Quilting love one stitch at a time -See page A12
Living by faith
• Edna and Stanley: Still exchanging quips, love after 72 years
-See page A13
• Only one ﬂu shot needed
-See Senior Scene page A14
-See Health & Wellness page B11, B12
Harvest Jubilee - Inside
Is. Co. draft budget cuts $2 million By JEREMIAH O’HAGAN Staff Reporter When Island County’s 2011 draft budget appears before the public at the Oct. 4 hearing, it will be $2 million slimmer than this year. In order to meet budget goals, departments have been asked to cut between 5 and 40 percent in expenditures. Public health will be among the hardest hit departments, facing a 40 percent reduction from the county’s current expense fund, in addition to decreased state funding and fee collections. All told, the department will receive $544,260 less this year than last. To compensate, the department will cut the Children’s Commission, Maternal Support Services Program and Welcome New Baby entirely, as well as reducing other programs. Eliminating these programs means the department is no longer eligible for certain state and federal grants. Senior services is also being cut by 40 percent, and Washington State University’s extension program will drop 4-H and Master Gardeners. Although these programs are non-mandated, cutting them entirely means the loss of hundreds of thousands of dollars in grants, Commissioner John Dean said. At some point, more money is lost than saved, and the county is trying to keep that balance in their favor, he added. The parks department budget will be reduced to $137,000 this year, down from $355,000 in 2008. The department will likely decrease maintenance even further, as noted in its budget proposal, which stated that “drastic reductions in services” will include reduced hours for staff, no seasonal help, removal of trash cans and port-a-potties, no watering and no external lighting. In addition to the cuts mentioned above, the assessor, auditor and treasurer and emergency management ofﬁces are facing 5 percent cuts. The clerk, coroner, prosecutor, district and superior courts, and the sheriff’s de■ SEE DRAFT, PAGE A11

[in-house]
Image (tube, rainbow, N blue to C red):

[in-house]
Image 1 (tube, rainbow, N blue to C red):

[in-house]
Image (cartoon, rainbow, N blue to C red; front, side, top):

Island County sheriff loses six deputies By JEREMIAH O’HAGAN Staff Reporter
Cutting the necessary 10 percent from the Island County Sheriff’s Ofﬁce will be “problematic,” said Sheriff Mark Brown. Most of the cuts — $514,943 — will come from the ofﬁce’s criminal division, which Brown calls his “boots on the ground personnel.” Brown will have to eliminate six positions in order to balance his budget. One of those positions, a sergeant on Whidbey Island, retired, and his vacated position won’t be ﬁlled. Two Camano Island deputies have accepted positions with other departments, and a third Camano deputy did a voluntary layoff, Brown said. That leaves him with two more positions to eliminate. In abidance with civil service rules, those cuts will be decided by seniority. ■ SEE DEPUTIES, PAGE A11
TUESDAY, SEPTEMBER 21, 2010
New The neighbor next door trafﬁc signal Sex offender meeting draws questions
By JEREMIAH O’HAGAN Staff Reporter
PHOTO BY ADAM STEWART | STANWOOD/CAMANO NEWS
Joe Beard, a detective with the Snohomish County Sheriff’s Ofﬁce, answers questions from concerned Warm Beach area residents. By ADAM STEWART Staff Reporter
etective Joe Beard of the Snohomish County Sheriff’s Ofﬁce (SCSO) briefed residents last Tuesday regarding four registered sex offenders living at the same residence in the 8300 block of 184th Street NW in the Warm Beach area. It is Detective Beard’s role to inform the public concerning level II and level III offenders as per state and federal law. Local agencies complete a risk level assessment of sex offenders to determine a moderate or high risk to re-offend. Level I offenders are determined least likely to re-offend, level II are a moderate risk, while level III sex offenders show the highest risk of recidivism. “Our goal is to empower the community through education,” said Beard. “We have to take con-
trol by understanding who are neighbors are.” Of the four men living at the residence, known as the Mack House, a faith-based transitional housing facility owned and operated by John Mack of Arlington, one of the tenants is classiﬁed at level III. The individual, a Caucasian man, Larry Amondson, 56, stands 6 feet 3 inches tall and weighs 295 pounds. He has brown hair and blue eyes. In 1977 he was convicted in Lewis County Superior Court on one count of second-degree rape. His victim was an unknown 15year-old girl. Amondson was introduced to the victim when she was spending the night with a friend. He was sentenced to no more than 10 years in prison. In 1986, Amondson was convicted in Snohomish County Superior Court on one count of indecent liberties after he formed a relationship for six months with a single
mother, only to sexually assault the woman’s 4-year-old daughter three days after moving in with the family. Again, he was sentenced to no more than 10 years in prison. In 1992, Amondson was convicted again in Snohomish County for two counts of ﬁrst degree child molestation. In this case, he befriended a family by helping with household chores. During this time, Amondson sexually assaulted an 11-yearold girl and her 9-year-old friend. He was sentenced to 188 months in prison. In addition to these crimes, Amondson has admitted to sexual assaults against numerous female child victims since he was 12 years old and has attended sex offender treatment during his incarceration. Most recently, in July of 2005 Detective Beard arrested Amondson for violations of his conditions while on supervision. ■ SEE OFFENDER, PAGE A3
South African vaulters ﬁnd home in Warm Beach By ADAM STEWART Staff Reporter